Some good news today out of South Carolina:
The polls was conducted on behalf of the Giffords PAC. Speaking of which, Harrison isn’t afraid to go after Graham on guns:
Harrison campaign spokesman Guy King said the issue is personal to Harrison, who was close friends with the late state Sen. Clementa Pinckney, one of nine victims at the 2015 Emanuel AME church shooting in Charleston.
King criticized Graham, who leads the powerful Senate judiciary committee, for not bringing up a bill that passed the U.S. House last year to close the so-called “Charleston loophole.” The bill would lengthen the amount of time a gun purchase can be delayed when the FBI has not completed a background check from three days to up to 20 days.
“South Carolina deserves so much better,” King said. “As senator, Jaime will work to advance sensible, consensus reforms that will improve and expand background checks to make sure firearms don’t end up in the wrong hands.”
The town hall, with will begin at 7 p.m., will offer a forum for young voters to speak on current issues.
Some topics expected to be discussed include student debt, entering the workforce and climate change.
Change is brewing in South Carolina and this Politico piece is worth a read:
Although a third of South Carolina’s 3.37 million voters are nonwhite, the state also has more than 400,000 unregistered voters of color, according to the progressive data company Catalist. Harrison isn't campaigning in person, and he's fighting the sense from Blacks and Democrats that his quest is hopeless. In the past, Vinson explains, conservative Democrats supported Graham because South Carolina is such a red state, and they’d rather have him than someone more right wing. “I think this time around they’re probably not [going to vote for Graham],” she said. “This time around, they’ve actually got a credible candidate.”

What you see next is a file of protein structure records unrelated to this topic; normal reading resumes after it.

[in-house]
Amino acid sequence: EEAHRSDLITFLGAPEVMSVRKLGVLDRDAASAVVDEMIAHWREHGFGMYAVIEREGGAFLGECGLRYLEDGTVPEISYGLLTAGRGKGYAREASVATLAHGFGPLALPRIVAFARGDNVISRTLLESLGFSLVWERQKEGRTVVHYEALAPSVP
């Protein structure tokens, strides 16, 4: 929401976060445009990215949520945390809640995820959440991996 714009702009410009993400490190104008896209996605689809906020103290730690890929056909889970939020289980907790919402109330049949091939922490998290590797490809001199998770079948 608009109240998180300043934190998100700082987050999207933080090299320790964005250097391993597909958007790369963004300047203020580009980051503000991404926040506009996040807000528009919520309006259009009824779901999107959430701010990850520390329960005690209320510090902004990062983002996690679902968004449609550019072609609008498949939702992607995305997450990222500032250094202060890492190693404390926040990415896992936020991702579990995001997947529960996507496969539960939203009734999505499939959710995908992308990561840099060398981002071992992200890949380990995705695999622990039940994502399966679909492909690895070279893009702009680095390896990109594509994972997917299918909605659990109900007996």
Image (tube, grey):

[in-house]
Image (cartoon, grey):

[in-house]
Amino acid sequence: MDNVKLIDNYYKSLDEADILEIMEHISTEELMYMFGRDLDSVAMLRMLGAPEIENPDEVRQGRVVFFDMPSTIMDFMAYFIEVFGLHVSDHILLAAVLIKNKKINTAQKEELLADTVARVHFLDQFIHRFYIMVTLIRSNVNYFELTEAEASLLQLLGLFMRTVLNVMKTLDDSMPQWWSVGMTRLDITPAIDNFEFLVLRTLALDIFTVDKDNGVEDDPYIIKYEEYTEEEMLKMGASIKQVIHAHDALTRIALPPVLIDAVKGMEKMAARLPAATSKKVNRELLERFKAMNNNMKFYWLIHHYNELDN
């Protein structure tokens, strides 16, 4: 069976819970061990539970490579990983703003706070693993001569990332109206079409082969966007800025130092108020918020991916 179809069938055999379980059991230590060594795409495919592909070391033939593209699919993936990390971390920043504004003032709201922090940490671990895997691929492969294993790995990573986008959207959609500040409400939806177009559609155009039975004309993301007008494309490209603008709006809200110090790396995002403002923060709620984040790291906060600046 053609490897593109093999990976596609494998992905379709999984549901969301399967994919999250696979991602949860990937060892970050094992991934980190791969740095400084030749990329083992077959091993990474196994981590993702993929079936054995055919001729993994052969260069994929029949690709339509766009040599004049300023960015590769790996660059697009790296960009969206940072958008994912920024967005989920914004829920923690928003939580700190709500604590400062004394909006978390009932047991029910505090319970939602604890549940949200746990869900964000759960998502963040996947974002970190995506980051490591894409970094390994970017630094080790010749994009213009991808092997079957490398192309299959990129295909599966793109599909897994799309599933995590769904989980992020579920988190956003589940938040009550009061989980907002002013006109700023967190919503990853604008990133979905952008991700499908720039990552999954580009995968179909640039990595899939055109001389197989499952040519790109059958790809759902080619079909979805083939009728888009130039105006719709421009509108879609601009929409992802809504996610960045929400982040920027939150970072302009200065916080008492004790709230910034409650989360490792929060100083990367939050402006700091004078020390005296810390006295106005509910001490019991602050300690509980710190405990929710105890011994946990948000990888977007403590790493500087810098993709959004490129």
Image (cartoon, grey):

Jimmy Williams, a Democratic strategist and senior adviser to the anti-Graham LindseyMustGo PAC, says Black voters will be motivated by the “wildly popular” Joe Biden at the top of the ticket, along with several candidates of color further down the ballot, including Clyburn and Harrison. In the February presidential primary, Biden won 61 percent of Black voters in South Carolina, according to a Washington Post analysis, and the overall turnout of 540,000 voters surpassed Barack Obama’s 2008 primary turnout in the state by about 7,000 votes.
A memo released by Harrison’s campaign in early February laid out a clear, if ambitious, path to victory. He planned to register a quarter of eligible African Americans, mobilize “new and inconsistent” voters of color and “persuade white suburban voters who are already moving away from Republicans.” Harrison was also counting on some Republicans to abandon Graham for more conservative candidates. About 6.6 percent of voters chose Libertarian or independent candidates over Graham six years ago, and there are similar candidates on the ballot this year who could help Harrison’s cause.
Let’s keep up the momentum and win big in South Carolina. Click below to donate and get involved with Harrison, Biden and their fellow South Carolina Democrats campaigns:
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